A new city, a borough starved for a professional sports franchise since 1957. A brand, spanking new, $1 billion area with enough luster to compete with the Mecca across the East River. New, fresh and hip colors that scream one word to sum up the Brooklyn Nets entering the 2012-13 season:
The Nets didn't schlep across the Hudson away from a fan base gone dormant just to play basketball. They're in New York City to not just win, but to begin a hostile takeover of an area long down with the orange and the blue.
The Nets have an owner in Russian billionaire Mikhail Prokhorov not afraid to accept the challenge. As a matter of fact, it's one of his own creation. Through aggressive marketing campaigns, Prokhorov is staring down the New York Knicks and went as far to call them "the second team in New York" during an interview with WNYW FOX 5.
"Excuse me, what is that name? Ah, oh, Knicks. Yes, I've heard about this second team in New York," Prokhorov jokingly responded to a question before growing serious in discussing a rivalry about to be ratcheted to new levels. "I think we're getting to where we will have an epic rivalry. It will be great for the fans, for the basketball. I think really, the coming of the arena and team to Brooklyn, we can put finally put New York on the map. It's about time."
It doesn't matter that the Nets finished their final season in New Jersey 22-44 and 46-102 playing two seasons in Newark's Prudential Center. When an owner authorizes a general manager to invest roughly $330 million of his money in upgrades the stakes are higher than the bull market on its best day.
Prokhorov and Billy King successfully lobbied franchise point guard Deron Williams to stick around, be the face of Brooklyn and reap the rewards of the owner's global cachet. Gerald Wallace and Kris Humphries were also convinced to stay. The bench was buffed with the additions of veterans Josh Childress and Reggie Evans, and international sharpshooter Mirza Teletovic. Even the ridiculous Dwight Howard distractions didn't faze King. The GM traded for big-money shooting guard Joe Johnson and extended oft-injured but talented center Brook Lopez -- both prior to the Orlando Magic finally ending the Dwightmare and jettisoning the unhappy D12 to the Los Angeles Lakers.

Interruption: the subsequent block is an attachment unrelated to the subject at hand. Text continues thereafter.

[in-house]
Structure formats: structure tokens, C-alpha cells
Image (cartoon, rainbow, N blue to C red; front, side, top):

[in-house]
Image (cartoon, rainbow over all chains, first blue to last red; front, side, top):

King's attitude towards not bringing the prized Howard to the Barclays Center? So what? Against incredible pressure to re-sign Williams -- without him, Brooklyn's welcoming party would have had the ambiance of tea at high noon -- King did it and found other means to reshape the Nets into a playoff contender. On paper at least, he has a lot of which to brag.
"I think we have the best backcourt in the NBA," King told reporters. "That's no disrespect to Kobe Bryant and Steve Nash. I just think where these guys (Williams, Johnson) are in their careers, they are. What I really like is that they're both very physical offensively and defensively. They'll be the most physical backcourt in the league."
The Nets need to be physical and have to be good -- right away. The Big Russian is watching and expects a championship within three years. The time frame is the peak period of Brooklyn's top guns, so head coach Avery Johnson knows the time is now.
"We're a team that has a lot to prove," Johnson told USA Today. "We're a hungry team. Most of the players on our team have never played in the Finals, most of them.
"We've got some guys who have never been to the playoffs. They want to get in the big show, and that's the Finals. They know it's going to take a lot of hard work to get there. Guys know that time is running out, that they don't have 10 more years. The meat and potatoes of our rotation are guys who have a three- to five-year window."
The benefit of a full training camp allows valuable time for a Nets team with nine new players to jell, and it's helped that they've been working out at the team's training facility (still located in East Rutherford, N.J.). The bench will be good; the signing of free agent point guard C.J. Watson to back up Williams went under the radar, but could be a steal. Defensively, however, the Nets need to be tough and that starts with Lopez staying healthy and Andry Blatche making the most of what could be his final opportunity to succeed in the NBA.
Any "Blueprint for Success," to quote a large billboard rising across from Madison Square Garden during the summer of 2010 becomes reality only by winning. The Nets have the new building, right now the place to be, but must keep it that way. Time will tell if Prokhorov will one day back up his claim of turning Knicks fans into Nets fans, but a promising beginning may be in store. Tickets for the November 1 opener against the Knicks at Barclays Center was made available only to Nets full and partial season ticket holders. The game sold out in an instant. The Nets will bring the swagger and the attitude to Brooklyn, and fans are ready to receive. All the team has to do is deliver the goods come next spring. The real campaign begins in a month.
Follow Jon Lane on Twitter: @JonLaneNYC